1. Relinquish Mindset of Control, Instead Usher ‘Enablement’. In business school, we were taught to foster message control and encourage all corporate representatives to stay on message.  Yet today, as multiple business units from support, sales, HR and beyond participate in social technologies, communication is spread to the edges of the company –not just from executive comms.  As a result, corporate communications groups have changed their mindset to safely enabling business units to communicate, based on pre-set parameters they put in place through governance, coordination, and workflow.
  2. Roll out Enterprise Workflows; Education Programs at Four Levels. We’ve found that savvy corporations have detailed workflows, one insurance company I’ve worked with has multiple workflows in place, including sample language in which employees should respond.  Beyond creating these workflows, they must be distributed throughout the enterprise through education programs, and drilled.  We’ve found savvy corporations have up to four types of education programs spanning: Executive team, social media team, business stakeholder teams, and finally all associates.  Even if the mandate is for rank and file employees to not respond in social on behalf of the company, reinforcing education is still required.
  3. Host Mock Crises Across the Enterprise Today. Lastly, we’ve found a few savvy corporations working with agency partners have setup mock fire drills where they approach a week long crises in a number of hours in private.  Not only does this test the mettle of the organization it provides useful training so companies can respond faster, in a more coordinated approach.  We should expect compliance programs to eventually require corporations get ‘social-crises-ready’, I know of two brands that have already gone through this.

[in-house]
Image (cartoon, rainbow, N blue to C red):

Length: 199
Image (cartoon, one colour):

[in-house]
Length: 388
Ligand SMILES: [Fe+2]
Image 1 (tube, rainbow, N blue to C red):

That’s my perspective on what I’m seeing in this space, would love to hear from you, what are savvy corporate communications departments doing today?

  • http://web-strategist.com/blog Jeremiah Owyang

    Blast from the past, Todd Defren remembers the “Attack of the Blogs” article in 2005. I Remember someone dropping that off on my desk when I was running social at Hitachi

    http://www.pr-squared.com/index.php/2011/11/ya-say-ya-want-a-revolution

  • http://twitter.com/rpesce rich pesce

    Great insights – thanks Jeremiah.  To your point about ‘Corporate Representatives’ coming from all areas of the business via social media, I have tried to create a divide between corporate ‘spokespeople’ (corporate communications) and brand or corporate ‘advocates’ (all other areas of the business). It’s certainly not perfect and not without complications but it has worked. Would be interested in any additional thoughts from you. Thanks!

  • http://www.bilal.ca Bilal Jaffery

    What’s interesting is to note the rising critical role of Social Media Education in mitigating risk associated with opening it up to the whole organization.